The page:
Leaders, Why You Need Disequilibrium (Part 2)

By Linda Fisher Thornton

This post is Part 2 in a series. In case you missed the first one, here is 450th Post: Leaders, Why You Need Disequilibrium (Part 1). In the first post, I explored why leaders need to embrace disequilibrium. In Part 2, I explore how disequilibrium helps leaders deal with catastrophic change.

Disequilibrium Drives Adaptation

Accepting disequilibrium instead of trying to fight it, we can turn our attention to figuring things out as the landscape changes around us.

“Pulling us out of our insulated silos.  Requiring leaders to seek out the signals reverberating out of these shifts, continually deciphering and determining what these signals are saying and asking ‘What you are going to do about it?'”

dculberh.wordpress.com, Transforming Tension and Disequilibrium Into Breakthrough Experiences

Deciphering the signals of a changing system, environment, organization and world keeps us on our toes. It helps us keep up with catastrophic change and still make good leadership choices. It helps us adapt instead of retrench when we face rapid change.

It Helps Us Navigate Perpetual Uncertainty

Change is not something we can prevent, or even”manage” in the traditional sense. Embracing disequilibrium helps us move forward, adapting our approaches and strategies to better “navigate the uphill terrain of perpetual uncertainty.”

5 Questions 

Use these 5 questions to check how well you are responding to disequilibrium:

  1. How deeply am I embracing disequilibrium?
  2. Where could I be fighting it, causing more difficulty than is necessary for myself and others?
  3. If I admitted that my earlier definition of “normal” was no longer possible, how would I think and lead differently?
  4. How will I carry out the improvements described in my answer to #3?
  5. How will those changes improve my leadership and the performance of my teams?

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Will 2018 Be The Year?

By Linda Fisher Thornton

As a global community, we have learned some things this year. Business leaders have learned that ethical leadership transforms organizational metrics. Global citizens have learned that values are the most important defining characteristics of nations, and if we don’t operate from a base of values we descend into conflict and chaos. 

Perhaps 2018 will be THE YEAR. Maybe based on everything that has happened this year, it will be the year we:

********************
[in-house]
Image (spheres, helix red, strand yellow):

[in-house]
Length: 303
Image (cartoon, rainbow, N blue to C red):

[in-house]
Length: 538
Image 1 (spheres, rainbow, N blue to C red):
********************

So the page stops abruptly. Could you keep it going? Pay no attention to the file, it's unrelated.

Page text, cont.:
1. Agree on values first, then on operational details
  2. Lead from understanding and collaboration rather than a quest to “win” at others’ expense
  3. Select leaders who are grounded in ethical values and know how to apply them in every context
  4. Raise the bar on ourselves as the world changes, to stretch and grow into rising ethical expectations
  5. Reach out instead of lash out

As we head into the holiday season, I wish you great joy, peace and understanding. May we all become better at seeing the things that bind us together (and the things that don’t) for what they really are. 

 

I wish you great joy, peace and understanding this holiday season. Thank you for putting the Leading in Context Blog in the Feedspot Top Leadership RSS Feeds in 2017!

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A Message of Hope

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By Linda Fisher Thornton

Thank you, friends, for reading and sharing this Blog in 2016. I appreciate all the ways you have helped forward the movement toward authentic ethical leadership. Only by bringing out our best as leaders are we able to bring out the best in those we lead. 

As we head into this holiday season, I wish you hope. Hope is what keeps us going when problems seem impossible to solve, when time is short, and when solutions are distant. If your hopefulness should ever falter, remember these important words:

“Hope is the thing with feathers, that perches in the soul, and sings the tune without the words, and never stops at all.”

Emily Dickinson

“Learn from yesterday, live for today, hope for tomorrow. The important thing is not to stop questioning.”

Albert Einstein 

“There was never a night or a problem that could defeat sunrise or hope.”

Bernard Williams

“Hope is being able to see that there is light despite all the darkness.”

Desmond Tutu

“We have always held to the hope, the belief, the conviction that there is a better life, a better world, beyond the horizon.”

Franklin D. Roosevelt

Great leaders inspire hopefulness. They imagine a better world, and they build the future accordingly.

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